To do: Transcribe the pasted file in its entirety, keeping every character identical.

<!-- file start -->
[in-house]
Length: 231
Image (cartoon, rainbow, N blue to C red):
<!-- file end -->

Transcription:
[in-house]
Length: 231
Image (cartoon, rainbow, N blue to C red):